Pursuant to Federal Rule of Civil Procedure 42, when actions before the court "involve a common question of law or fact, the court may: (1) join for hearing or trial any or all matters at issue in the actions; (2) consolidate the actions; or (3) issue any other orders to avoid unnecessary cost or delay." FED. R. CIV. P. 42(a).
The decision of whether to consolidate actions is purely at the
discretion of the trial court. See Bernardi v. City of Scranton, 101
F.R.D. 411, 413 (M.D. Pa. 1983) (citingTurner v. Transportacion
Maritima Mexicana, 44 F.R.D. 412, 415 (E.D.
Pa. 1968)). In determining whether to consolidate, the court must
balance the savings of time and effort gained through consolidation
against the prejudice, inconvenience, or expense that it might cause.
See Bernardi v. City of Scranton, 101 F.R.D. 411, 413 (M.D. Pa.
1983).When the court grants consolidation, the consolidation does not
merge the suits into a single cause or change the rights of the
parties, or make those who are parties in one suit parties to another.
See In re Cmty. Bank of N. Va., 418
F.3d 277, 298 n.12 (2005) (citing Johnson v. Manhattan Ry. Co., 289
U.S. 479, 496-97 (1933)).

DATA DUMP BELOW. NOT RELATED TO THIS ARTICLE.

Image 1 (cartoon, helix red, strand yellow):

Butler and Kingsway assert that during the June 3, 2010 telephone conference they opposed the suggestion that the nine-count civil action at 1:10-CV-1000 be consolidated with the arbitration action at 1:10-CV-0932. They claim that the parties engaged in no further discussion regarding such a motion to consolidate prior to the filing of the motion to consolidate by GGIS and that they and Lincoln oppose consolidation.*fn4 In GGIS's brief in opposition to the motion to reconsider, counsel states that it "admittedly may have used an incorrect label for the Certificate." (Civ. A. No. 1:10-CV-1000, Doc. 75, at 3). Counsel asserts that he believed in good faith that the statement was accurate and that a fair reading does not represent that Kingsway or Lincoln agreed to the proposed consolidation. (Id.) Given this admitted error, the court will consider whether the purported prejudice to Butler and Kingsway from consolidation amounts to a manifest injustice.